He thinks almost the same formula that Jim has pointed out first goes to the coach if it's not resolved it comes to the athletic director. If not resolve it was the athletic supporter not me. It goes to a commission on student rights from responsibilities which does not comprise anyone from the athletics department and then is subject to final approval by the president. We have found that this statement has limited much of the tension and apprehension on the part of the student athlete. We like it. It's clear the air for us our coaches read this statement to each team prior to its first practice session and it's made for a wholesome atmosphere. Robert Brown athletic director at San Jose State College. The question of the student's responsibility to his institution was presented from another viewpoint that the Ivy League by Cornell University's
athletic director Robert J Cain. I think my special role here is to speak about our type of program. In the Ivy League and more specifically at Cornell. We do not have athletic scholarships and I think this has one bearing on the topic at hand today. The students responsibilities to esteem in that are scholarships. Now let me say at the outset that I think the Ivy League recruit as hard as any league in the country with so much knowledge wouldn't be quite as hard. But they do but it's a different sort of a set up in that all scholarships are based on need. Other coaches have very little to do if a scholarship is given at
all. Nothing to do at all with the amount of the scholarship. Our neat program is the same for all students athletes and non-athletes alive. I would like to point this out to you in defining just what that means. You have. Players on the same team. Might get almost full scholarship from the university on a need basis and you have other players who get nothing at all. And on our way in between. Psychologically there is a difference in how they approach that is the athlete approaches his membership in a team. He really has no commitment to a coach. He can stay up for this board and can quit this board whatever.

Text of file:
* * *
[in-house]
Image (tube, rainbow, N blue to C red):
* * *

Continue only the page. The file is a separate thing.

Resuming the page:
So I see I think some of the things that are happening today happened to us earlier. But when you come right down to it I think the relationship is somewhat the same in that members of the team who really want to play will accept the discipline of a fairer and firm discipline. Will be no problems those who don't particularly relish discipline and we have really very fine athletes who will just quit the team owner saw a Freshman year or sophomore year and they just do it on their own initiative. I think psychologically this is a little different than the half hour scholarship type of arrangement
because it's purely an individual initiative. Personal Mission I've noted in the past few years that they quit in larger numbers than they used to. Certainly in my day you didn't ordinarily. If you didn't make the first team or sophomore year because you figured that you had a junior and senior year to come up to it and you were willing to serve the apprenticeship. We find and I know this is not just Cornell but all of the Ivy schools I have found that they now quit earlier. They find it's just not worthwhile to spend too much time out there. If they're not playing or they're not on the varsity or not playing in the games. So this is a different situation. But the ones who are playing do it with great enthusiasm
except discipline. In fact if I had one message to give to this audience or to any of my colleagues in this rather wonderful business we're in. The worst thing you can do is to have a slip shod discipline. It has to be there and it has to be firm. But if you don't make it worthwhile from that point of view forget it. Robert J Cain athletic director at Cornell University speaking on the subject of the student athletes responsibility to his institution this has been special of the week presenting highlights from the recent meeting of the National Collegiate Athletic Association in Washington D.C. next week the series of programs on Intercollegiate Athletics will focus on recruiting. This edition of special of the week was produced by our enemy are at WFTDA Wake Forest University
- Special of the week
- Issue 21-70